Exports from francophone Africa have their wings clipped
Reduced air freight capacity is handicapping West African
producers. If there is no competition between airlines producers cannot shop
around for the best deals in freight transport, and so are powerless to fight
off East Africa's increasing share of the export market.
North-South freight transport by UTA/Air Afrique has fallen
sharply: the tonnage carried of the 14 main exports from francophone Africa
dropped from 32,738t in 1985 to 21,671t in 1989. Only a few years ago it was
still perceived as a priority to fill the cargo holds of aircraft which were
returning empty to Europe. Due in the main to the economic crisis, Africa has
been importing less while at the same time increasing production (tropical fruit
and out-ofseason vegetables) for the European export market. Now, only at Lome,
Douala and Niamey does the volume of air freight from the North exceed that
leaving from Africa. On the Abidjan, Dakar, Ouagadougou and Conakry routes the
greater amount goes from South to North.
Space on combined passenger-freight flights (40 tonnes) or on
cargo-only planes (95 tonnes) is increasingly limited and so exports of
pineapples, avocados, mangos, pawpaws, exotic plants and cut flowers are not
always successful in finding a place. And things are unlikely to improve; that
is the message being received by the Comite de liaison
Europe-Afrique-Caraibes-Pacifique (COLEACP). The only solution for the ACP
countries would seem to be to produce goods of a sufficiently high quality and
value that the airlines will be able to get some viable return from them.
Despite efforts to maintain freight levels (extra cargo space
has been provided on routes from Ouagadougou, Dakar, Lome and Conakry), the
problems are on-going. On some flights planes are switched, or cargo is poorly
treated or not handled at all at stop-overs. This means that airlines have to
announce a change in their carrying capacity without notice. For instance, at
Dakar the cargo capacity of Air France planes depends on how much the planes
coming in from South America or the West Indies are carrying.
No scope for charters
The exporters believe that the restructuring of Air Afrique and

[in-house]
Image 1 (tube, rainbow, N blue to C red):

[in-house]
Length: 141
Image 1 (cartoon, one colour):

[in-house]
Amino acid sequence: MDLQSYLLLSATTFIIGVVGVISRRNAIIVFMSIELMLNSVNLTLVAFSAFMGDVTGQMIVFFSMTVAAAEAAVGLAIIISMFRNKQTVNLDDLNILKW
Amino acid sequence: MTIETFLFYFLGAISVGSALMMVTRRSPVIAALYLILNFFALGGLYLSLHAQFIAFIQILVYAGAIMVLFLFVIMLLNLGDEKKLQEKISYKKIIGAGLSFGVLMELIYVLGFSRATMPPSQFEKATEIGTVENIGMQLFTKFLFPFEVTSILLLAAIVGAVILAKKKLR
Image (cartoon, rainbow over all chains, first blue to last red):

the current pressures on the UTA/Air Afrique/Air France triumvirate are likely
to mean that the Franco-African cartel will try to gain a monopoly at those
African airports which have been seen to welcome 'outside' (ie non-French)
companies such as Alitalia or Sabena. The Italians have in fact refused to take
part in negotiations, and the Belgians will not budge. Neither do independent
cargo charters get much of a look-in.
Some charter flights do use Accra airport in Ghana, and the
tariffs for cargo going to Europe via Belgium are only about half those of the
UTA declares that "one of our priorities is to take perishable
goods from land-locked countries such as Mali and Burkina Faso", but this is not
always an economically viable enterprise. Freight carried from South to North is
charged at a rate of 200-300F CFA per kilo (for vegetables) and companies have
to make up with higher rates for North-South cargo, for which they charge an
average of 1250F CFA/ kg. Airlines obviously cannot fly out empty, so, since the
South imports less and less from Europe, 70% of fresh African produce for Europe
goes back on passenger flights. This type of freight carriage, known as
'padding', is relatively profitable for the airlines.
During times of recession some products are more attractive to
airlines since they are charged at higher rates. Plants are transported for 390F
CFA/kg and cut flowers at 425F CFA.
The success story of Kenyan green beans illustrates the
mechanics which govern the market. The product, which is of a high quality and
has a regular supply, is favoured by European import companies. Anglophone
African states, unlike their French-speaking neighbours where airlines can
dictate freight costs, can impose their own price schedules which are generally
lower than those fixed by the IATA Conference. In 1990-91 Kenya fixed the rate
for freighting green beans "by government decree" at 275F CFA/kg, which was
accepted by British Airways, whereas Air France was unable to make a tariff of
less than 375F CFA/kg profitable, and was ready to drop out of the competition.
French importers, desperate for Kenyan beans, took the panic step of agreeing to
pay the difference to Air France.
How to stop protectionist policies
The total exports of green beans from francophone Africa in
1989-90 amounted to 600t, while Kenya alone despatched some 13,000t. So how can
the francophone states stop the protectionist policies of the French airlines?
Despite France's attempt to fix a quota on East African fruit
and vegetables, the European Community's decision that there should be free
import of produce to Europe from all ACP countries will eventually change
things. But the situation for the francophone African states is urgent and all
the more alarming because not only do they have to contend with the surge of
'anglophone' fruit and vegetables, but they are also trying to compete with the
enormous advance of Latin-American products on European markets.
According to COLEACP the only answer is improved quality, a more
regular supply and greater organizational